The eruption of confirmation bias through social media

Do your research and expand your perspective before jumping behind the next big sensation


Everybody should apply a healthy dose of skepticism to the things they read and hear. When exposed to a new concept, idea or claim, the first thing to do is question its validity. 

I often hear phrases directly quoted from social media being spewed out by people who lack a well-rounded understanding of the issue. Nothing is more beneficial to someone pushing a false agenda than a group of people who become broken records for a concept they don’t fully understand.

An increasing number of people are receiving their news from social media, where feeds are personalized. The glaring issue with getting information from personalized feeds is the lack of perspectives you are exposed to. When all the information you have about a specific issue is a handful of 30-second videos designed to grab your attention and pull interaction from your profile, your perspective on a certain topic becomes extremely one-sided, and you get sucked into a loop of confirmation bias.

The consequences of this “feed bubble” are opposing sides with extremely polarized views who often judge each other harshly and unfairly. No matter what side you take, an undeniable fact about our world is its growing polarity. People often only see rivals and enemies instead of real people behind a screen.

Beliefs that demonize specific parties and generalize them generate tension and polarize those who had hitherto held neutral positions. Those who perpetuate such ideas benefit from the resulting conflict as it generates even more polarity and tension.

Many people may share, like and comment to feel like they are doing something important with their time and to avoid scrutinization. The extreme tension between opposing groups has resulted in drastic consequences for those who make lighthearted jokes about the other side and has ultimately created a toxic environment that breeds closed-mindedness and fear among media users. People often feel obligated to support ideas that are popular, and this performative activism inhibits the ability of movements to inflict real change.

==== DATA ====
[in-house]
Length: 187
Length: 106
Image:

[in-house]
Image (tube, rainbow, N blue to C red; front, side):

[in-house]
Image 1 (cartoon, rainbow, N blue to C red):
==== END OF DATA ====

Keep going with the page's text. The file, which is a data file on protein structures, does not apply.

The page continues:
Though modern media is a great way to bring awareness to prevalent issues, it has the same potential to spread lies that benefit the select few who perpetuate them. It is easy to be moved by the strong messages spread by such people, but the unfortunate truth is that much of what people say online is either simply false or only one piece of the puzzle. Even seemingly obvious sentiments often are multilayered and complicated. Much understanding is lost in the chaotic translation of social media. From video to video, creator to creator, bias and misinformation flood our feeds with distorted perspectives. 

For lack of better words or cliches, don’t believe everything you see on the Internet. If you are inspired by a video, dig deeper into its contents before liking it. If you care about an issue, learn more about its roots and the practicality of the proposed solutions. If you yourself would like to share something, educate yourself on all points of view before jumping to conclusions. Collaboration and cooperation stem from compromise and the willingness to see things from other people’s perspectives. 

If everyone took the time to become well-informed and less hostile toward those with opposing beliefs, meaningless polarized ideas would circulate less, and the Internet would become a safer place to share opinions from all points of view. If people took a step off the ego-driven roller coaster of “being right,” and listened to each other, common ground could be established, and compromise could be enacted from both sides. Don’t live in a feed bubble.